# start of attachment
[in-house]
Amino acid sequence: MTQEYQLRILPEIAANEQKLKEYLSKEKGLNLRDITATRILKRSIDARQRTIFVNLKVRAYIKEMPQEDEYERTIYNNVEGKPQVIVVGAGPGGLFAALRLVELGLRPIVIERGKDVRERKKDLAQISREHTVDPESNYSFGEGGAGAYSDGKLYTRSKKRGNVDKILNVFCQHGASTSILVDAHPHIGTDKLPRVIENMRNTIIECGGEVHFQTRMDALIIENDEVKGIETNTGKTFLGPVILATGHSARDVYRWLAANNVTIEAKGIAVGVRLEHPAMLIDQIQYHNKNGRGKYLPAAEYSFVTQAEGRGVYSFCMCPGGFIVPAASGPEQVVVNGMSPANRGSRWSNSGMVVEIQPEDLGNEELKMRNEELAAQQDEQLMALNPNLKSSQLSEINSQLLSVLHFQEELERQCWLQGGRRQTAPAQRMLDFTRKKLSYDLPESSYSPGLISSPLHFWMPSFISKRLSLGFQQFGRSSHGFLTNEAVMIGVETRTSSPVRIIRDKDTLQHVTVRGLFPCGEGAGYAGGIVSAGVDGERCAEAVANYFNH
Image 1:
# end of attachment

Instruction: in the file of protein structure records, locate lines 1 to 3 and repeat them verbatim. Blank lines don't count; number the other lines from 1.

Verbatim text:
[in-house]
Amino acid sequence: MTQEYQLRILPEIAANEQKLKEYLSKEKGLNLRDITATRILKRSIDARQRTIFVNLKVRAYIKEMPQEDEYERTIYNNVEGKPQVIVVGAGPGGLFAALRLVELGLRPIVIERGKDVRERKKDLAQISREHTVDPESNYSFGEGGAGAYSDGKLYTRSKKRGNVDKILNVFCQHGASTSILVDAHPHIGTDKLPRVIENMRNTIIECGGEVHFQTRMDALIIENDEVKGIETNTGKTFLGPVILATGHSARDVYRWLAANNVTIEAKGIAVGVRLEHPAMLIDQIQYHNKNGRGKYLPAAEYSFVTQAEGRGVYSFCMCPGGFIVPAASGPEQVVVNGMSPANRGSRWSNSGMVVEIQPEDLGNEELKMRNEELAAQQDEQLMALNPNLKSSQLSEINSQLLSVLHFQEELERQCWLQGGRRQTAPAQRMLDFTRKKLSYDLPESSYSPGLISSPLHFWMPSFISKRLSLGFQQFGRSSHGFLTNEAVMIGVETRTSSPVRIIRDKDTLQHVTVRGLFPCGEGAGYAGGIVSAGVDGERCAEAVANYFNH
Image 1: